Origin of disciplined
verb (used with object), dis·ci·plined, dis·ci·plin·ing.
Origin of discipline
Examples from the Web for disciplined
The cops also asked for “very public apology” from the team, and demanded that the five players be disciplined.
So a well-briefed and disciplined nominee could change things.
In contrast to the feckless Iraqi commanders who fled Mosul, these Iranian forces are disciplined, motivated, and ruthless.
The girls are disciplined athletes, trained to think under pressure.The Stacks: The Searing Story of How Murder Stalked a Tiny New York Town|E. Jean Carroll|April 19, 2014|DAILY BEAST
He was clean cut, disciplined and a seemingly happily married father of a beautiful young baby girl.Can Darren Sharper Beat His Rape Rap With the Kobe Defense?|Eboni K. Williams|March 18, 2014|DAILY BEAST
There were plodding lines of people, disciplined, carrying burdens, no bigger than ants at this distance.Valley of the Croen|Lee Tarbell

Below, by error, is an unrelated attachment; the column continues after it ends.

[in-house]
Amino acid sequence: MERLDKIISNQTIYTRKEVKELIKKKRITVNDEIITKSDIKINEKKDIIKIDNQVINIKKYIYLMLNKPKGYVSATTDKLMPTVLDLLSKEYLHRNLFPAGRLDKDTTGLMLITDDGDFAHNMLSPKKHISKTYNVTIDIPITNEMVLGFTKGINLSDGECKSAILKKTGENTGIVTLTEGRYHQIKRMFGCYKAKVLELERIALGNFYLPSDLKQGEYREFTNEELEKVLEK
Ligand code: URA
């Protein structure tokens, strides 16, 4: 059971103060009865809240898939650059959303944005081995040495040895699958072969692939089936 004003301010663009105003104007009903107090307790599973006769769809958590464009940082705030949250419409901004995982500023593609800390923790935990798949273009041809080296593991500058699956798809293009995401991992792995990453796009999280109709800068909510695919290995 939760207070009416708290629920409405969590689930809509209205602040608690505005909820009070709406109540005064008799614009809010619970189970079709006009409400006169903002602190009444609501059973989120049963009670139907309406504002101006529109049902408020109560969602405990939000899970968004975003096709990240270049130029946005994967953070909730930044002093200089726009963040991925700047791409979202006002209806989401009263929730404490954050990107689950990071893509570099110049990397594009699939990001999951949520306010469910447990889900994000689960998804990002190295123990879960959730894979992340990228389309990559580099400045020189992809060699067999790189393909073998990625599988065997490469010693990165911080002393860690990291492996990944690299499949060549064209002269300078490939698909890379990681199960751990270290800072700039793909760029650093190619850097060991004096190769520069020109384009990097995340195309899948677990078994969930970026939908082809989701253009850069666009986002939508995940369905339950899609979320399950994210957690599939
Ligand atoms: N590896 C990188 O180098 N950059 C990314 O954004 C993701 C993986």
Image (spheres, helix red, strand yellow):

Under these circumstances, an English conquest of Ireland was inevitable as soon as it was undertaken by a disciplined army.Oliver Cromwell|Samuel Rawson Gardiner
In such wars a posse comitatus marches ahead of the disciplined army.The American Language|Henry L. Mencken
The mind of the teacher, in a word, is so disciplined that it will work when it is ordered.Vocal Expression|Katherine Jewell Everts
For a few days you drilled and disciplined for the coming strife.History of the Sixteenth Connecticut Volunteers|B. F. Blakeslee
Word Origin for discipline
early 13c., "penitential chastisement; punishment," from Old French descepline (11c.) "discipline, physical punishment; teaching; suffering; martyrdom," and directly from Latin disciplina "instruction given, teaching, learning, knowledge," also "object of instruction, knowledge, science, military discipline," from discipulus (see disciple (n.)).
Sense of "treatment that corrects or punishes" is from notion of "order necessary for instruction." The Latin word is glossed in Old English by þeodscipe. Meaning "branch of instruction or education" is first recorded late 14c. Meaning "military training" is from late 15c.; that of "orderly conduct as a result of training" is from c.1500.
c.1300; see discipline (n.). Related: Disciplined; disciplines; disciplining.